Record-Breaking High Frequencies Cut Through the Fog

A new high-frequency submillimeter wave record has just been set by researchers at UCLA. The team employed an ingenious method of waveform reinforcement to achieve a frequency of 324 Ghz with a 90 nanometer CMOS integrated circuit (complementary metal-oxide semiconductor). To put this breakthrough in context, the UCLA signal generator produces frequencies 70% faster than the previous best.

But what does this all mean? Well, increasing the frequency of a signal effectively means increasing its bandwidth – more information can be sent in less time, which of course has implications for the entire communications sector. In terms of imaging, such frequencies could enable sensors to see through clothing, dense fog and further into space with better resolution then ever before. The development of a technique that can provide a signal at 340Ghz (which the team expect to achieve shortly) is of particular interest to the aerospace industry and the military, as signals in this submillimeter range can pass through the atmosphere unhindered. At lesser frequencies, signals can collide and interfere with molecular bonds in oxygen, water, carbon dioxide and so on, which reduces the effectiveness of the transmission. At 340Ghz however, the signal can pass through all atmospheric molecules without any interaction, enabling us to see clearly through fog, clouds and even water. For more details, have a look at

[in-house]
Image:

Home | Canabrism | Guides | All Music Technology Posts | XML Sitemap